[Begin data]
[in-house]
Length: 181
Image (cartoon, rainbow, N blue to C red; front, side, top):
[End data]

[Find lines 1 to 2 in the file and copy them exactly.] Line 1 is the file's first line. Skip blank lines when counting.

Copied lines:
[in-house]
Length: 181